Liquidity ratios and solvency ratios are tools investors use to make investment decisions. Liquidity ratios measure a company's ability to convert its assets to cash. On the other hand, solvency ratios measure a company's ability to meet its financial obligations.
Solvency ratios include financial obligations in both the long and short term, whereas liquidity ratios focus more on a company's short-term debt obligations and current assets.
Liquidity ratios gauge a company's ability to pay off its short-term debt obligations and convert its assets to cash. It is important that a company has the ability to convert its short-term assets into cash so it can meet its short-term debt obligations. A healthy liquidity ratio is also essential when the company wants to purchase additional assets.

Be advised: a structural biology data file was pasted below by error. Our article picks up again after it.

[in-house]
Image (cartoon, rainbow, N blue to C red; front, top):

One common liquidity ratio is the current ratio. The current ratio measures a company's ability to meet its short-term debt obligations. It is calculated by dividing its current assets by its current liabilities. Generally, a higher current ratio indicates that the company is capable of paying off all of its short-term debt obligations.
In contrast to liquidity ratios, solvency ratios measure a company's ability to meet its total financial obligations. The solvency ratio is calculated by dividing a company's net income and depreciation by its short-term and long-term liabilities. This indicates whether a company's net income is able to cover its total liabilities. Generally, a company with a higher solvency ratio is considered to be a more favorable investment.